Monday, January 28, 2013

The Impossible

THE IMPOSSIBLE: Naomi Watts, Ewan McGregor, Tom Holland, directed by Juan Antonio Bayona (114 min.)

The tsunami that hit the coast of Thailand and managed to make its way all the way to Coastal Africa is one of the deadliest natural disasters in history. The 9.0 magnitude earthquake hit in the middle of the Indian Ocean, sending a devastating tidal wave to Southeast Asia, killing over 280,000 unsuspecting civilians, locals and tourists alike. The Impossible tells the story of one family amid the chaotic events of late December 2004, when all seemed lost. Had I waited a week longer to make my top ten list for 2012 I would have definitely recognized The Impossible as one of the ten best of the year. It is a savage and unflinching film about tragedy, but a beautiful examination of human kindness with heart-wrenching performances not only from Oscar nominee Naomi Watts, but from everyone involved.

The events surrounding the family in the film are entirely true, and almost unbelievable. Almost. Naomi Watts and Ewan McGregor play Maria and Henry, and as we open they are traveling from Japan (where Henry works) to Thailand, vacationing with their three young boys off the coast for Christmas. Their family is not unfamiliar, with a pre-teen son, two much younger sons, and a general comfort with their life and work. Things seem fine for a few days as they celebrate Christmas in their resort and spend their days in the lush pools Oceanside. But the day after Christmas their lives, and the lives of hundreds of thousands of civilians, would forever be changed.

The tsunami comes without much warning, save for a few fleeing birds and a rumble of the oncoming wave. It is fierce and violent and the ferocity of the waves can be felt through the screen as people are thrown to the ground and washed away and buildings and trees are destroyed in a roar of the angry ocean. The tsunami effects are startlingly realistic here, and the result is breathtaking. Maria watches as Henry and the two youngest boys are taken under by the wave before she is pummeled and fights to come up for air. She finds herself being swept along in a river of debris and broken trees that all feel and seem as dangerous as they must have been. Maria spots her oldest son, Lucas (Tom Holland) clinging for life and the two eventually find each other in the chaos.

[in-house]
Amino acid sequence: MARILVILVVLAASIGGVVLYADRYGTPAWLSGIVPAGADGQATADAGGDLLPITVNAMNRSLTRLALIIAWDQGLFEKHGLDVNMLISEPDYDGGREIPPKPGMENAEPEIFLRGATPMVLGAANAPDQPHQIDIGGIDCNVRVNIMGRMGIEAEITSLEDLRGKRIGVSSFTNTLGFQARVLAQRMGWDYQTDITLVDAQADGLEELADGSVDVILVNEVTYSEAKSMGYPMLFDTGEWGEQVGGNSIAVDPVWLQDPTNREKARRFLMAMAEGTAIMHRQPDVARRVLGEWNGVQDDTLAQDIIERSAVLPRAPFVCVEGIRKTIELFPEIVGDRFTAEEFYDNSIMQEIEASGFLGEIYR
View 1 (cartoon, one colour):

The rest of the film deals with issues upon issues amid a myriad of confusion and disaster. Maria and Lucas sludge through the aftermath, struggling to find higher ground. But Maria is badly wounded and needs help. Meanwhile we discover Henry searching for them back at the resort, which now in shambles. The desperation of the situation resonates in the performances, and the impact of the tsunami goes beyond just this family and it takes a broader look at the carnage.

Maria and Lucas find help and are carted away to the hospital where Maria coaxes her son into trying to help people. Afraid to leave is mother, Lucas nevertheless obliges and finds great joy working to connect loved ones with one another. Naomi Watts is a force on the screen, her toughness shining through every scene as she struggles to stay alive and keep her son safe. But we cannot overlook the performance of young Tom Holland here, playing the older son Lucas. Holland is for all intents and purposes the lead in The Impossible, and the transformation he goes through from self-centered pre-teen to a young boy with a new view on humanity and life is a revelation.

Some have discredited The Impossible for focusing on a white family in a disaster which took many more lives of Thai locals. But this is one story in the orbit of a tragedy, and the local citizens are never minimized or ignored. This is a film about human will, about kindness, and about the small things we do in a moment of crisis which unites us as a race. It is easily one of the ten best films of the year.